Because everything was stabilized through plates and pins, I was able to start moving my right arm very soon after the accident. There was more swelling in my left arm, which prevented me from using it at first, but it soon followed. I had a big bruise on the inside of my left leg where the bicycle seat had hit me as I flew off the bike, but that was my only lower body injury.

The doctors told my parents that I would be in the hospital for five weeks. They told them to tell me it would be three weeks (I had a bit of a bad attitude about the hospital). I was out in two. I think the main reason for this is that I was in relatively good shape when I had the accident. After all, I'd been cycling all summer. I was able to hook my feet under the metal rung at the end of the hospital bed and use that to sit up. I was soon walking around freely. Miraculously, I didn't experience any vertigo. A few days and a blood transfusion after the accident, I was feeling pretty energized. The pain was bad, the hospital food was terrible, but I was healing. I went home after two weeks.

The dog, by the way, was fine. Somehow he crossed the highway on his own without anything like the problems I'd had. One of my cousins spotted him trotting down the street. She nabbed him, checked his tags to verify that he was indeed our dog, and deposited him back in our yard.

There were a few long term aftereffects from the accident. I went on my own course of rehabilitation after the surgeon who worked on me turned out to be a bit of a dick. I took up tai chi, and that, as it turned out, opened up a huge vista of all kinds of cool stuff for me. I suffered from PTSD for a lot of years, which mostly involved feeling really nervous any time I had to cross the street. I don't much care for cycling, although I can do it and do somewhat enjoy it, so long as I'm nowhere near car traffic. I have a good sense of what it's like to be wholly dependent on others for the little things you take for granted (brushing your teeth; independent bathroom usage; feeding yourself). I was told that I would have arthritis by the time I was thirty-five. I didn't, and I still don't, mostly because I stretch all the time. I was also told that the range of motion I had six months after the accident was all I'd ever have. That was also not true - see above re: stretching all the time.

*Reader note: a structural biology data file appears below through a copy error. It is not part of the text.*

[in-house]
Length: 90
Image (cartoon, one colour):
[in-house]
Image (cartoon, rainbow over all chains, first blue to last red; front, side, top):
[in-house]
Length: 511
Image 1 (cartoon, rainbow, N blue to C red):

A lot of people who pursue a spiritual path (as I do) will talk about an event in their lives that really started them on their path. One of my mentors calls it your "Mac truck moment." I think of my accident as a big spiritual redirect. Without the accident, I might have taken a lot longer to try tai chi, and thus might have taken a lot longer to learn about energy and energy healing, about the holistic approach to healing, and about meditation. In the context of my life as a whole, that's how I assign meaning to this absolutely dreadful event. In the context of my life as a writer, it goes into the big bundle of things I've experienced that will probably show up in my fiction at some point.

Questions: ask 'em if you've got 'em. Stories of your own: tell 'em if you want.